3. - 1. The annexation may be actual or constructive; 1st. By actual
connexation or annexation is understood every mode by which a chattel can be
joined or united to the freehold. The article must not however be laid upon the
ground; it must be fastened, fixed or set into the land, or into some such
erection as is unquestionably a part of the realty. Bull. N. P. 34; 8 East, R.
38; 9 East, R. 215; 1 Tauut. 21; Pothier, Traite des Choses, §1. Looks, iron
stoves set in brick-work, posts, and window blinds, afford examples of actual
annexation. See 5 Rayw. 109; 20 John. 29; 1 Harr. and John. 289; a M'chrd, 553;
9 Conn. 63; 1 Miss. 508, 620; 7 Mass. 432; 15 159; 3 Stew. 314. 2d. Some things
have been held to be parcel of the realty, which are not in a real sense
annexed, fixed, or fastened to the freehold; for example, deeds or chattels
which relate to the title of the, inheritance, go to the heir; Shep. Touch. 469;
but loose, movable machinery, not attached nor affixed, which is used in
prosecuting any business to which the freehold is adapted, is not considered as
part of the real estate, nor as an appurtenance to it. 12 New H. Rep. 205. See,
however, 2 Watts,& S. 116, 390. It is also laid down that deer in a park,
fish in a pond, and doves in a dove-house, go to the heir and not to the
executor, being with keys and heir-looms, constructively annexed to the
inheritance. Shepb. Touchs. 90; Pothier, Traite des Choses, §1.
4. - 2. The general rule is, that fixtures once annexed to the freehold,
become a part of the realty. But to this rule there are exceptions. These are,
1st. Where there is a manifest intention to use the fixtures in some employment
distinct from that of the occupier of the real estate. 2d. Where it has been
annexed for the purpose. of carrying on a trade; 3 East, 88; 4 Watts, 330; but
the distinction between fixtures for trade and those for agriculture does not in
the United States, seem to have been generally admitted to prevail. 8 Mass. R.
411; 16 Mass. R. 449; 4 Pick. R. 311; and set, 2 Peter's Rep. 137. The fact that
it was put up for the purposes of trade indicates an intention that the thing
should not become a part of the freehold. See 1 H. B]. 260. But if there be a
clear intention that the thing should be annexed to the realty, its being used
for the purposes of trade would not perhaps bring the case within one of the
exceptions. 1 H. BI, 260.
5. - 3. There is a difference as to what fixtures may or may not be removed,
as the parties claiming them stand in one relation or another. These classes of
persons will be separately considered.
6. - lst. When the question as to fixtures arises between the executor and
the heir. The rule, as between these persons has retained much of its original
strictness, that the fixtures belong to the real estate, or the heir i but if
the ancestor manifested an intention, which is to be inferred from
circumstances, that the things affixed should be considered as personally, they
must be so considered, and will belong to the executor. See Bac. Abr. Executors
and Administrators; 2 Str. 1141; 1 P. Wms. 94 Bull. N. P. 34.
7. 2d. As between vendor and vendee. The rule is as strict between these
persons as between the executor and the heir; and fixtures erected by the vendor
for the purpose of trade and manufactures, as pot-ash kettles for manufacturing
ashes, pass to the vendee of the land. 6 Cowen, R. 663; 20 Johns. R. 29. Between
mortgagor and mortgagee, the rule seems to be the same as that between vendor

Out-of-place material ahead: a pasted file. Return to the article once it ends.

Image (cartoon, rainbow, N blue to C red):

and vendee. Amos & F. on Fixt. 188; 1 5 Mass. R. 1 5 9; 1 Atk. 477 16 Verm.
124; 12 N. H. Rep. 205.
8. - 3d. Between devisee and executor. On a devise of real estate, things
permanently annexed to the realty at the time of the testator's death, will pass
to the devisee. His right to fixtures will be similar, to that of the vendee. 2
Barn. & Cresw. 80.
9. - 4th. Between landlord and tenant for years. The ancient rule is relaxed,
and the right of removal of fixtures by the tenant is said to be very extensive.
3 East, 38. But his right of removal is held to depend rather upon the question
whether the estate will be left in the condition in which he took it. 4 Pick. R.
10. - 5th. In cases between tenants for life or their executors and the
remainder-men or reversioners, the right to sever fixtures seems to be the same
as that of the tenant for years. It has been held that the steam engines erected
in a colliery, by a tenant for life, should belong to the executor and not go to
the remainder-man. 3 Atk. R. 1 3.
11. - 6th. In a case between the landlord and a tenant at will, there seems
to be no reason why the same privilege of removing fixtures should not be
allowed. 4 Pick. R. 511; 5 Pick. R. 487.
12. The time for exercising the right of removal of fixtures is a matter of
importance a tenant for years may remove them at any time before he gives up the
possession of the premises, although it should be after his term has expired,
and he is holding over. 1 Barn. & Cres. 79, 2 East, 88. Tenants for life or
at will, having uncertain, interests in the land, may, after the determination
of their estates, not occasioned by their own faults, have a reasonable time
within which to remove their fixtures. Hence their right to bring an action for
them. 3 Atk. 13. In case of their death the right passes to their
representatives. See, generally, Vin. Abr. Landlord and Tenant, A; Bac. Abr.
Executors, &c. H 3; Com. Dig. Biens, B and C; 2 Chitty's Bl. 281, n. 23
Pothier, Traite des Choses; 4 Co. 63, 64 Co. Litt. 53, a, and note 5, by Hargr.;
Moore, 177; Hob. 234; 3 Salk. 368; 1 P. Wins. 94; 1 Atk. 553; 2 Vern. 508; 3
Atk. 13; 1 H. Bl. 259, n Ambl. 113; 2 Str. 1141; 3 Esp. 11; 2 East, 88; 3 East,
38; 9 East, 215; 3 Johns. R. 468; 7 Mass. 432; 6 Cowen, 665; 2 Kent, Com. 280;
Ham., Part. 182; Jurist, No. 19, p. 53; Arch. L. & T. 359; Bouv. Inst.
Index, h. t.